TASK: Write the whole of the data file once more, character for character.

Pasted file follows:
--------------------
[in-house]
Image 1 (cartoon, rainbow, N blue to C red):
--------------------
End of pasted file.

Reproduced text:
[in-house]
Image 1 (cartoon, rainbow, N blue to C red):